Editor’s Column – July 2010

America’s Independence Day, the Fourth of July, has passed. Hope you had a good one!  Many in the disability community […]

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America’s Independence Day, the Fourth of July, has passed. Hope you had a good one!  Many in the disability community think of personal independence as a primary goal. Of course, I do, too. But I also think improved interdependence might be a much better goal for all. None of us can be truly independent, whether disabled or not. We are social beings and we need companionship. We need the guy who fixes our wheelchair, the woman who drives the bus, the folks who run the grocery stores and our PCAs. We need the social services that our state and national governments offer, like snow removal, streetlights, and police and fire departments, as well as the human services programs for people with disabilities. Just recently we realized how interdependent we are as a society with the banking industry, Wall Street and the oil industry. That’s a good demonstration of our social interdependence. We look around the world and into its past and see how humankind has progressed for thousands of years. That can make us see all of America’s history since the Revolution of only a couple hundred years ago quite differently. So, this Independence Day, I thought about interdependence as well as independence.   

The ADA anniversary celebration is July 26. It’s hard to believe it was 20 years ago that we watched the ADA signed at the White House by President George H.W. Bush, with Justin Dart and Evan Kemp Jr. sitting next to him. Dart and Kemp made the day a reality.   

The ADA covers:   

Title I – Employment: It asserts that employers couldn’t discriminate against a qualified individual with a disability in any employment practices. Later, some of this section or title was found unconstitutional. It was decided that it was unconstitutional to allow states to be sued by private citizens for financial damages.    

Title II – Public Entities: The ADA prohibits disability discrimination by all public entities at the local and state level, including public transportation.   

Title III – Public Accommodations (and commercial facilities): Individuals may not be discriminated against on the basis of disability with regards to the goods, services, facilities, or accommodations of any place.  “Public accommodations” include most places such as inns and hotels, recreation, transportation, education, and dining, along with stores, care providers, and places of public displays, among other things.   

 Title IV – Telecommunications: This section required that all telecommunications companies take steps to ensure functionally equivalent services for consumers with disabilities, notably those who are deaf or hard of hearing and those with speech impairments.   

Title V – Miscellaneous: This section explains that nothing in the ADA overrides or cancels anything in Section 504 of the Rehabilitation Act of 1973. It also noted that individuals who exercise their rights under the ADA, or assist others in exercising their rights, are protected from retaliation or coercion, including threats, intimidation, or interference, is prohibited.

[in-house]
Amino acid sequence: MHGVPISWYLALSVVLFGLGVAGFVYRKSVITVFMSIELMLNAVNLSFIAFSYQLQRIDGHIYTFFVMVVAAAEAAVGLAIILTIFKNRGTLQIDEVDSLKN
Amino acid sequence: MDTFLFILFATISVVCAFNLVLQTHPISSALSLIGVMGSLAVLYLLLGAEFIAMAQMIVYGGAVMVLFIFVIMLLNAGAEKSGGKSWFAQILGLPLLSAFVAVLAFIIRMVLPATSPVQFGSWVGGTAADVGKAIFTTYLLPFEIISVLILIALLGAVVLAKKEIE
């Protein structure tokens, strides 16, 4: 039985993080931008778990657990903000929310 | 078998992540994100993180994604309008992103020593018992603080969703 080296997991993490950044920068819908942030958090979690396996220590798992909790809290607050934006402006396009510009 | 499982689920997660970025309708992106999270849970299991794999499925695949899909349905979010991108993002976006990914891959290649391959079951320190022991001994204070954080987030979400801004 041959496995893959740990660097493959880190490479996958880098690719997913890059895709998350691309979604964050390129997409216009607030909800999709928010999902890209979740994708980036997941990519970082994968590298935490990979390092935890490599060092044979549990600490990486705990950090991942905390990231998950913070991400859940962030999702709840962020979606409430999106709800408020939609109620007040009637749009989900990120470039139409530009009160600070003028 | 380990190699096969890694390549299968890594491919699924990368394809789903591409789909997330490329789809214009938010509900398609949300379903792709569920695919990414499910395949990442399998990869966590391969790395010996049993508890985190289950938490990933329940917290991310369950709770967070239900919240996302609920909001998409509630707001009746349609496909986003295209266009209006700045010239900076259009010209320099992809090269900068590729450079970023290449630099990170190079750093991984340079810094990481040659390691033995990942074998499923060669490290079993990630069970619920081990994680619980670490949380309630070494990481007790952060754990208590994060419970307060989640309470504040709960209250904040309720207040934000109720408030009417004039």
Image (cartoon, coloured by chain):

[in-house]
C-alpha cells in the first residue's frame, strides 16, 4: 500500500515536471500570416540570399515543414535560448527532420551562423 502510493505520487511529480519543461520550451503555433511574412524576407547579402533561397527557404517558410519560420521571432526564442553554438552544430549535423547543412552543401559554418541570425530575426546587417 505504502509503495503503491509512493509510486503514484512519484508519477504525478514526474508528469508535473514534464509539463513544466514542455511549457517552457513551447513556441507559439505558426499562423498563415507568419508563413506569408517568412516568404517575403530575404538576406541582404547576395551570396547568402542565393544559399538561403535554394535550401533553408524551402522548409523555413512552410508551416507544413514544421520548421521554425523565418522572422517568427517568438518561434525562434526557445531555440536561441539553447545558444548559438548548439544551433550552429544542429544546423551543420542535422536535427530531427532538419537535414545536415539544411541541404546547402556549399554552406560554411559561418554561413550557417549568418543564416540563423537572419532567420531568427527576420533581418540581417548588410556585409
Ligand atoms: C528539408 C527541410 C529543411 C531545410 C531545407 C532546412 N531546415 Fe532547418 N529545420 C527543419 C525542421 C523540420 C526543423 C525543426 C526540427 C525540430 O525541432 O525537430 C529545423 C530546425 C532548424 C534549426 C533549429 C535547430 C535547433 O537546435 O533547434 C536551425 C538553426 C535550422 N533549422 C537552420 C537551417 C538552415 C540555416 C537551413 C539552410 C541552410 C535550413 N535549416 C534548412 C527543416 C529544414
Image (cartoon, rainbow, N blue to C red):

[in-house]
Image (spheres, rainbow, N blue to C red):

Employment was the first to be challenged and is still the biggest problem for people with disabilities. Employment defines who we are in many situations. When introduced we often asked people what they do, and they answer, “I’m a teacher,” or “I’m an office manager.” People with disabilities are not often asked that defining question, because we’re not expected to be employed. Or if we are, it’s not expected to be meaningful employment.

I’m one of the lucky ones with a job, but still people ask me, after they get over the news that I manage a newspaper, “Oh, do you go into an office?” It’s just assumed that I work at home where I’m sheltered from the hard realities of a real job. People expect that we who have disabilities shouldn’t have to go out into the elements to earn a living.

It’s hard for me to see light at the end of the unemployment tunnel for most people with disabilities. When will it be assumed that we are capable of meaningful employment? Those who are employed are often considered courageous souls who should be praised for something that most in our society routinely do. We know people who have lost jobs during this recession have self-esteem problems or are depressed. Marriages fall apart and lives are ruined due to job loss. What about people with disabilities, who aren’t even expected to get a job, much less lose one? People with disabilities are losing services, and are seen as an economic drain or as a problem needing fixing. For many of us, all we want is a job. Gainful employment would be a really good start for most of us.

Thanks for reading and please fill out the reader survey. I hope you have a good summer. I’ll see you on July 26 at the ADA celebration; don’t forget to come and say hello. It’s an event to plan on, even if you have to take a day off from the job!  n

  • Work with your care provider to stay healthy. Protect yourself. Vaccines are your best protection against being sick.
  • Wash your hands! Hands that look can still have icky germs!

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